What does Lyme disease look like?

If Lyme is not treated aggressively, immediately after the initial infection, it can become chronic and persistent.

by Brenda Haas-Krieger — 

Lyme is called “the great imitator” because it can look like so many different ailments. In one person, it may look like fibromyalgia, in another like Parkinson’s and in another, the symptoms may be mostly cognitive. Lyme disease is, therefore, very commonly misdiagnosed.

Lyme is most often associated with a tick bite. But times change and bacteria adapt. Stephen Harrod Buhner, in his book Healing Lyme: Natural Healing and Prevention of Lyme Borreliosis and Its Co-infections, makes a strong case for Lyme disease now being transmitted by fleas, mosquitoes, via sexual contact and from mother to child through the placenta. Lyme is transmitted as a spirochete, a crafty bacterium with a spiral shape that twirls and burrows its way into the joints, brain, heart — just about any body tissue. Syphilis was also called the great imitator because it, too, is a spirochete, and symptoms manifested in countless different ways. Lyme spirochetes have a hardier architecture, however, and are more difficult to eradicate.

If Lyme is not treated aggressively, immediately after the initial infection, it can become chronic and persistent. In the 1980s, Dr. Alan McDonald studied the brains of deceased diagnosed Alzheimer’s patients. He found Lyme in seven out of 10 autopsy samples. This raises a question: How many cases of Alzheimer’s are misdiagnosed cases of chronic Lyme?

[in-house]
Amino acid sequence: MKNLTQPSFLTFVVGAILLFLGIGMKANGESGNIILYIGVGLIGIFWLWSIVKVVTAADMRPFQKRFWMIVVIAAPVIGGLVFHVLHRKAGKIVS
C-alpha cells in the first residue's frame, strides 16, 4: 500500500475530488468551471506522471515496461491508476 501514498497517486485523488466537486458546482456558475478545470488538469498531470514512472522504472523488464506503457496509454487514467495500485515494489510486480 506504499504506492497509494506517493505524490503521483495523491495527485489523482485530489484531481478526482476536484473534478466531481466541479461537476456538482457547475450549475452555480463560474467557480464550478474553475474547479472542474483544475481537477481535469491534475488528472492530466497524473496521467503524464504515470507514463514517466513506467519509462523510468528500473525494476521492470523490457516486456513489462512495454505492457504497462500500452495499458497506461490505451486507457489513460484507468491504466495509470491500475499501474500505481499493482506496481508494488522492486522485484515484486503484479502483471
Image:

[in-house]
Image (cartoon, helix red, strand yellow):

Buhner points out that Lyme often heads initially for the joints. How many cases of rheumatoid arthritis are misdiagnosed cases of chronic Lyme? Many Lyme patients report overwhelming weakness and depression, for example, and this causes many practitioners to erroneously refer these people to psychiatric therapists.

Ticks transmit bacteria other than Lyme, and many Lyme patients test positive for one or more of these co-infections. The most common are Babesia, Ehrlichia, Bartonella, and toxoplasmosis. The co-infections can create symptoms worse than Lyme. Babesia, for example, can wipe out red blood cells. One woman infected with Babesia and toxoplasmosis had more than 100 blood transfusions before these co-infections were detected and eradicated.

At a Valley Lyme support group meeting, one hears firsthand the stories of the afflicted. One woman was having what she called “seizures” and was in the hospital almost every other day. Others reported that they walked around with notebooks to jot down important events of the day, because they would not remember them later; they called this “Lyme brain.”

One man, with tears rolling down his face, recounted how his mother likely was infected by multiple tick bites because she had helped her family butcher deer after hunting trips. She was so ill and became so depressed that she drank herself to death. The accurate diagnosis of Lyme came much too late.

The most common complaint lodged at support group meetings is that too many doctors dismiss legitimate symptoms as “it is all in your head” or give a misdiagnosis. How can you find out if you have chronic, persistent Lyme? Find a practitioner familiar with Lyme and its co-infections who will work with you in an in-depth manner.

 

Brenda Haas-Krieger, M.S., D.D., has a master’s in environmental health from the College of Medicine at the University of Cincinnati. She works with BeamRay frequencies based on Dr. Rife’s work and SCIO (formerly QXCI). 480-314-0065, brenda@innerfocus.net or www.innerfocus.net.

Reprinted from AzNetNews, Volume 28, Number  4, Aug/Sept 2009.

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